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Ilha dos Lobos Notations
Qualité quand ça marche: 3.5
Consistance des Vagues: 3.5
Niveau de Difficulté: 4.5
Planche à voile et Kite Surf: 3.0
Foule a l'Eau: 2.5

Général: 2.5

Voir toutes les 18 notations

Basé sur 2 votes. Voter


Surf Report Feed

Statistiques de Houle pour Ilha dos Lobos, Printemps: Vagues avec Vents Légers ou Favorables.

The rose diagram shows only the swells directed at Ilha dos Lobos that coincided with light winds or offshore conditions through a typical southern hemisphere spring. It is based on 8476 predictions, one every 3 hours. The direction of the spokes show where quality surf generating swell comes from. Five colours illustrate increasing wave sizes. Blue shows the smallest swells, less that 0.5m (1.5 feet) high. Green and yellow represent increasing swell sizes and red shows the highest swells, greater than >3m (>10ft). In both graphs, the area of any colour is proportional to how often that size swell occurs.

The diagram indicates that the most common swell direction, shown by the longest spokes, was SE, whereas the the dominant wind blows from the E. The chart at the bottom shows the same thing but without direction information. For example, swells larger than 1.5 feet (0.5m) coincided with good wind conditions 14% of the time, equivalent to 13 days. Open sea swells exceeding >3m (>10ft) are unlikely to happen in a normal southern hemisphere spring but 2.0% of the time we expect swell in the range 2-3m (6.5-10ft) 2.0%, equivalent to (2 days). Taking into account the fraction of these swells that coincided with forecast offshore winds, and given the fact that Ilha dos Lobos is exposed to open water swells, we calculate that clean surf can be found at Ilha dos Lobos about 14% of the time and that surf is spoilt by onshore wind 66% of the time. This is means that we expect 73 days with waves in a typical southern hemisphere spring, of which 13 days should be clean enough to surf.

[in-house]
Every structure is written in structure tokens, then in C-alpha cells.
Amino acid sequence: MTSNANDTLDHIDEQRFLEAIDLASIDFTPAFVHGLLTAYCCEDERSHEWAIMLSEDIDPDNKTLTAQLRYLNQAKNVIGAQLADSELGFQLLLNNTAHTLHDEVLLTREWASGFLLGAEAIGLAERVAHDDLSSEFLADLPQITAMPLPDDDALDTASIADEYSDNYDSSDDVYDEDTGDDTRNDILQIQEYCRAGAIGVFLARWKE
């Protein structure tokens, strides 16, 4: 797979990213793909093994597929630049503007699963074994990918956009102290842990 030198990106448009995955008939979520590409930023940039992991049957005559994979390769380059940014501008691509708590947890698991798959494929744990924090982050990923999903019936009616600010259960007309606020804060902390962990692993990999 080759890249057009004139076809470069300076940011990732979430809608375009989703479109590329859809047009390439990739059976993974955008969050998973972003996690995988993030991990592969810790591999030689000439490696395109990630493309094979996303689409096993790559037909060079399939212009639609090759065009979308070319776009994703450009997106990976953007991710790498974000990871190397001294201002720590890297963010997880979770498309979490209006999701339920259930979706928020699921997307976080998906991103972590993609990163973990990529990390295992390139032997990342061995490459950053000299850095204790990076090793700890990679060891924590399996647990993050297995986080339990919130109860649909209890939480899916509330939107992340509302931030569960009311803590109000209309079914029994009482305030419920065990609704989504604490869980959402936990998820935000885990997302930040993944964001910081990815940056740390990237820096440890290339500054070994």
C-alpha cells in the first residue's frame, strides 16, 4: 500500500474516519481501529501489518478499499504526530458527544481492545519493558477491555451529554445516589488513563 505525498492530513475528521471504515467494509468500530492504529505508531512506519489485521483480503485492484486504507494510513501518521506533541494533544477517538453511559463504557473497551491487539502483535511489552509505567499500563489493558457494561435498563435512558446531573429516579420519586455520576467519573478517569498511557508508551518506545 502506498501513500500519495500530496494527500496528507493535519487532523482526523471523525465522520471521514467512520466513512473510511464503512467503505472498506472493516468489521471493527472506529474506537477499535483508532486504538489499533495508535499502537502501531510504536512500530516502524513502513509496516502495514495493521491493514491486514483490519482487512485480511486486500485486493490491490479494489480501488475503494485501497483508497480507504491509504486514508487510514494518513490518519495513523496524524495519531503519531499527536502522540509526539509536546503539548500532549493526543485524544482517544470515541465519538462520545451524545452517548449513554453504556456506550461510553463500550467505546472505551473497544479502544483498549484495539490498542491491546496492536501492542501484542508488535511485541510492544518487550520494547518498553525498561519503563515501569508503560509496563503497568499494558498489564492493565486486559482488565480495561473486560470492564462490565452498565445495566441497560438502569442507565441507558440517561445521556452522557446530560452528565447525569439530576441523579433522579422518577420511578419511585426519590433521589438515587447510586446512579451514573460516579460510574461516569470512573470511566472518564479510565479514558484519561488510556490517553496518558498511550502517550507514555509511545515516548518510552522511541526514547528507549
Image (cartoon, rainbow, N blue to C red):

IMPORTANT: Beta version feature! Swell heights are open water values from NWW3. There is no attempt to model near-shore effects. Coastal wave heights will generally be less, especially if the break does not have unobstructed exposure to the open ocean.